The Best You've Ever Had. Seriously Delicious Soup.
French Onion Soup
2-3 TBS of butter (enough to coat the bottom of the pan)
6 onions (yellow, white or sweet will do - see rant below)
2 1/2 cups wine (red, white, whatever you please or a mixture - see second rant below)
6-8 cups stock (more stock equals a thinner soup, do whatever you desire!)
1/2 bunch thyme
2 heaping TBS dijon mustard
salt, pepper and lemon juice to taste, at end
if desired, garnish with french baguette, grilled, then topped with grated gruyere and melted in the oven
I like to use a Le Creuset braising pot when making soup - it's not something you need, just a personal preference. These heavy pans distribute the heat evenly and gently while cooking, then stay hot and look pretty when you take them to the table!
The key to making the perfect caramelized onions is this:
1.) Heat up your pan. You should be able to feel the heat coming off of the pan without touching it. We aren't talking smoking hot here, but heat it up! [While you're waiting for your pan, start in on slicing those onions.] I always reiterate this in my classes, HOT PAN, then:
2.) Melt your butter (HOT OIL). Let your butter brown, gently. [This may take a few minutes, go back to your onions.] This speeds up the caramelization of the onions by a lot!
3.) Julienne your onions. Any onion will do. Rant #1: Lots of people think that they need to use sweet or vidalia onions when caramelizing, not true. Onions contain more sugar than apples do - crazy, I know! What you're doing when you caramelize them is working on toasting the sugars. The longer and slower you brown them, the more flavor and sweetness you create. At home I will do this for 3 hours. Who has three hours?! Walk away from them. Clean the house. Do laundry. Call your mother. Take the dog for a walk, a quick one. Come back every 10-15 minutes to give them a quick stir. Then back away. This is where you are creating ALL of the deliciousness, let them work! (It will be worth it.)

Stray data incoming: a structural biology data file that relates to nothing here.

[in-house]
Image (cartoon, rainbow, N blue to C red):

Back to this "julienne" and back to knife skills. A julienne of an onion is a slice, 1/8th of an inch thick. Pretty thin. About the thinness of those little lines that you see going the length of our onions. The thinner they are, the quicker they will cook. Really just try to go as thin as you feel comfortable with, more importantly make them all the same size; that way they will cook evenly! If you need that onion tutorial again, here it is:
4.) Once all of your butter has browned, you can start ADDing the onions into the pan. If you've only chopped one, add it. You can continue to add them as you go. Don't stir! Again, we are making the magic here. Cut more onions, go get your cry on!
9.) Let this come together to let the flavors meld, about 15-20 minutes. I do not thicken my soup. Some recipes call for using a roux at the beginning, a slurry at the end or egg yolks to enrichen it. I let the stock do all of the thickening. I think it's perfectly thick and delicious enough just as it is! I don't like all of the starches, I would prefer to dip a cheesy grilled toast in it, and the yolks just give it a weird texture. Personal preference, do what you like!
10.) Season to taste. Add more salt. More than you think. Then add the juice of 1/2-1 whole lemon. I know it sounds weird. Just do it. Lemon juice helps to balance the salt, brighten the flavors and bring out a better version of itself! You will probably need to add a hint more salt. Serve with grilled cheesy toasts (top picture), they're prettier and better than the soggy gooey bread float.